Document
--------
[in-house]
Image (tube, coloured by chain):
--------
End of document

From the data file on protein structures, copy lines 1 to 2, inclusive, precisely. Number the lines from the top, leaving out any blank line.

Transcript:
[in-house]
Image (tube, coloured by chain):